Michael Fillon, lead singer and chief spokesman for Sandwash, a Dubai-based rock band on their debut release and meeting Megan Fox.
'About as rock'n'roll as Dubai gets'
Sandwash, a Dubai-based rock band, have "big dreams, namely to be big enough to meet Megan Fox," says Michael Fillon, their lead singer and chief spokesman.
For now, though, they are thinking small. A first pressing of around 500 copies of Master Blaster Hole, the band's debut album, trickled into record shops (principally branches of Virgin Megastore) around the nation late last month. One of Sandwash's previous singles, Alabaster, has received a smattering of airplay on local radio stations. October, their new single, will be released later this month.
Master Blaster Hole had been six years in the making. The release is self-funded, although Fillon says "it's a $1m album produced for the price of an Xbox".
Not everyone agrees. Rolling Stone Middle East awarded the album a one-star rating in the "Unsigned" section of its review pages, describing it as "bewildering" and suggesting that Sandwash "need to work on developing an identity of their own", after name-checking Green Day, Blink 182 and Robert Palmer as identifiable influences.
The band, currently a four-piece, started out as a punk outfit at the American University of Dubai in 2004, a campus that was to provide a small patch of fertile ground in an otherwise arid musical landscape. The metal band Nervecell, another regular of Dubai's underground scene, also emerged from the same period and the same campus.
"The scene here is a lot healthier than it was a few years ago," Fillon tells me as he reminisces about those first tricky steps to stardom. Nevertheless, the band still has plenty of ground to cover.
Sandwash will make a couple of promotional outings later this month, the first in Dubai on December 17, although the performance they would dearly love to give is in the capital on the 16th, supporting Guns N' Roses. Indeed, Fillon holds out some hope that this unlikely turn of events may yet happen. "We've contacted Flash [the promoters of the event]," he explains. Axl Rose and company, he adds, are the band's number-one heroes. "We'd love to meet them."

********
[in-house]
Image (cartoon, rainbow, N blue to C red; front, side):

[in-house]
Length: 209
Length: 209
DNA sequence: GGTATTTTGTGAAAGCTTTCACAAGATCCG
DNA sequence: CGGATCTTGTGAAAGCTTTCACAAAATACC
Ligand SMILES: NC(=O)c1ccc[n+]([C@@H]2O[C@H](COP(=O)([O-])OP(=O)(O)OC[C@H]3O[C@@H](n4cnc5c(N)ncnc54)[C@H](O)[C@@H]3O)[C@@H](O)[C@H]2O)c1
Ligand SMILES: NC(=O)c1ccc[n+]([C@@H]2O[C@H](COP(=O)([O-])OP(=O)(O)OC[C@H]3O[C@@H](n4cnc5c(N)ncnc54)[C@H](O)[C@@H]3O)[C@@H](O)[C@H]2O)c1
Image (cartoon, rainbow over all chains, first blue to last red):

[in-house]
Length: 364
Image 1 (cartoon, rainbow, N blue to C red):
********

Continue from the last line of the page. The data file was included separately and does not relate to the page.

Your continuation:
I ask what he would say if they did end up hanging out backstage. "I'd want to know three things," he replies without pausing for thought. "I'd want to ask Axl if he could find it within him to forgive Slash [Guns N' Roses' former lead guitarist]. I'd want to ask how cool it was to appear in the video for Don't Cry [one of two 1991 music videos made by the band in which the model Stephanie Seymour appeared] and I'd want to talk to him about the lyrics to Estranged." The song features the line "old at heart but I'm only 28 and I'm much too young to let love break my heart." Fillon is 29 years old.
While he awaits news of any last-minute openings on Yas Island, Fillon has time to contemplate what he describes as the difficult birth of their debut album, a turbulent period when the band's creative differences bubbled close to the surface. After one disagreement, the band's drummer (Fillon's brother, Jay), vanished. "He went to China to find himself, but he found out that he didn't like doing his own laundry."
"I kept fighting with Pavel too," Fillon says, of Pavel Duzhnikov, Sandwash's current bass player. "He wants our sound to be more metal. I prefer an old-school vibe." He lists the Beatles and Led Zeppelin as two of his key influences. "We've run through three different bass players," he adds. "Crom, our original bassist, was in seven different bands at one stage." But Fillon has, by his own admission, a possessive streak and couldn't bear to see his beloved bassist playing away from home. Divorce was inevitable.
"We are," he concludes, "about as rock and roll as it gets in Dubai."
Sandwash's music talks, Fillon says, about growing up in Dubai. The brothers arrived in the emirate 20 years ago from Marikina in the Philippines.
"We've lived here since we were kids. The songs are based on our experiences as teenagers and adults in this fast-paced environment.
"When we first moved here, they were dry days for the music scene. We thought it was such a big thing when Bryan Adams turned up for the first time all those years ago." The Canadian rocker will, of course, be back in the Emirates in just a few days time.
Fillon also says his lyrics speak to the universal themes of relationships, break-ups and wanting girls you can't have - including, one assumes, Megan Fox, the recently married Hollywood star of the first two Transformers movie releases.
"She is the ultimate rock chick," Fillon enthuses. "The best part of being famous is you get the chance to meet the people you see on TV.
"Of course, we have serious aspirations to do something great with our music, but we also want to meet the people we most admire. We know we'll have made it when we're sitting in the same room as Megan Fox. She is top of our ladder of importance."
That "ladder of importance"- a sort of social-climbing index for a young bunch of Dubai dreamers - also includes Barack Obama, Susan Boyle and Simon Cowell. "Eventually, we want to be backstage with Susan Boyle, having dinner with the Obamas and in Megan Fox's bedroom."
So it's not just about hanging with the beautiful people then? "Oh no, we'd love to be trashed by Simon Cowell." As for Susan Boyle? "She is a very courageous person."